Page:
A first-generation college student, Mr. Hudson earned a bachelor’s in sociology with certificates in African American Studies and American Studies from Princeton University. He earned his M.S.Ed. in Higher Education Management from University of Pennsylvania. Hudson presently serves as Co-chair of the Greater Washington, DC NACAC National Fair; on the College Board SAT Advisory Committee, Executive Board of the UPENN GSE Education Alumni Association, the New Jersey Scholars Program Board of Trustees (Lawrenceville School); and as a Gates Millennium Scholars (GMS) reader. He is an active member of the Association of Black Admission and Financial Aid Officers of the Ivy League and Sister Schools.
Dr. Matt Olson
The Furman Jazz Ensemble and Jazz Combos, with guest clinician/composer Don Owens, will present their fall concert Friday, Oct. 24 at 8 p.m. in Daniel Recital Hall on the Furman University campus.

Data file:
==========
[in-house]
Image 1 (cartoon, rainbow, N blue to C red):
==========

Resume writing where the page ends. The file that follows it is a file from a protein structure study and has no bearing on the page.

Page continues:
Part of Furman’s Cultural Life Program, the concert is open to the public. Admission is $5 for adults and $3 for students. Tickets are available at the door.
The concert will be conducted by Furman music professor Dr. Matt Olson, and will feature music of Cole Porter, George Gershwin, Wayne Shorter, Woody Herman, and Don Owens.
Don Owens is an internationally recognized clinician/conductor. Owens began his tenure at Northwestern University in 1979 where he is Coordinator Emeritus of the Jazz Studies and Pedagogy Program, and Director Emeritus, Contemporary Music Ensemble, and the National High School Music Institute. Before coming to Northwestern, he taught 12 years at Evanston (Illinois) Township High School where his duties included directing band, brass ensembles, and jazz band, as well as teaching classes in music theory, popular music, free improvisation, and composition.